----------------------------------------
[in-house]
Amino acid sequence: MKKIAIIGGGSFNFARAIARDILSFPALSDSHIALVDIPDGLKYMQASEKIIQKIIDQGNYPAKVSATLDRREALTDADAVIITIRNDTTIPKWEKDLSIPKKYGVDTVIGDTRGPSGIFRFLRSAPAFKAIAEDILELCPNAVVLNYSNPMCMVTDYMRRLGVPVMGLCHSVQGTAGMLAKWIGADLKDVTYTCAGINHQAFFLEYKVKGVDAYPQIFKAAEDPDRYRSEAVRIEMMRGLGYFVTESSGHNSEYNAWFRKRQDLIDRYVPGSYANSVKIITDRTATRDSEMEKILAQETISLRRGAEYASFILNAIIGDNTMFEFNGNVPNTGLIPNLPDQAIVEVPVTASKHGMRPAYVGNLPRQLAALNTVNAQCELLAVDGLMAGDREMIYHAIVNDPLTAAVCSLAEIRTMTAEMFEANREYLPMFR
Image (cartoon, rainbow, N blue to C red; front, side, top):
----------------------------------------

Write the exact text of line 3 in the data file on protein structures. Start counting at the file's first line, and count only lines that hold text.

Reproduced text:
Image (cartoon, rainbow, N blue to C red; front, side, top):